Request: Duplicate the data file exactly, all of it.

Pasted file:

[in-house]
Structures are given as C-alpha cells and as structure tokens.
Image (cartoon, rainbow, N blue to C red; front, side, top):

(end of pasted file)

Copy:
[in-house]
Structures are given as C-alpha cells and as structure tokens.
Image (cartoon, rainbow, N blue to C red; front, side, top):